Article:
So you would think that I could search up on Google and learn all about URL encoding from all the tutorials, but I have been left seriously confused, and extremely frustrated.

Here is what I need to do:

I need to make a html link that links to a php file. the link needs to carry over a variable to the php file. (for example:

Then, in the php file, I need to say something like...

$variable = [Whatever 'variable' equals up there in the URL]

echo "Your variable is...".$variable;

Your variable is...22

But so far (even after hours of Google searches) I have absolutely no clue whatsoever on how to make this work. I have tried many different tests, but none have worked.

Can someone please help explain this to me? I know it can be done, and thats why it's so frustrating. Thank you so much in advance! :)

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You got the general idea.

to send a variable through a url you do as u showed:

now in the php file u r using where you want to retrieve that variable you must $_GET it! : $variable=$_GET;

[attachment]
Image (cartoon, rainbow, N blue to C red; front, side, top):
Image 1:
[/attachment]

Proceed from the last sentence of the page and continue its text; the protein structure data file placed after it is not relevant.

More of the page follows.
$variable will now have the value 22

you can use $variable = $_REQUEST;
but you don't need to.
effectively passing variables through the url is just like putting the variable at the top of the document.

if you call the file
you can say:

echo $variable;

or if you want mutiple variables such as variable=22 and product=cheese

echo "product: $product<br />
Quantity: $variable";

Hope this helps :)

Wow, thank you guys sooo much for your help! :D I'm glad I know now

No worries.
Remember to mark as solved if solved :)
otherwise is there anything else you you need help with?

None of what was explored here is url encoding. URL encoding means encoding characters that not safe to be passed in the url, for example a "/" or a "+". When you url encode a url you encode those in hex or decimal format. "/" => %2F => %47.

For example say you passed a directory path as a variable in the url:

This would cause problems if you didn't encode the url. If you HAD to pass this in the url you could encode the "/"'s as:

When you decoded the incoming url you would have a variable with the slashes restored.
Obviously, there are MAJOR security issues with passing a path in the url like this....but it is just illustrative.
More on url encoding:

Additionally, if you're using variables from the URL they are accessed from the $_GET array. $_REQUEST should be avoided for this as it works its way down the list of $_GET $_POST etc till it finds an occurrence of what you want.

Being able to access: as

echo $variable; //purple

Relies on a feature of php called "register globals" this was defaulted to OFF in php 4.2.0 DO NOT rely on this being enabled. As of php 5.3.0 this is depreciated. You can read all about it here:

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